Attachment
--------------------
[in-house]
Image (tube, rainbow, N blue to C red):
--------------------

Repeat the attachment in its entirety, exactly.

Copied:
[in-house]
Image (tube, rainbow, N blue to C red):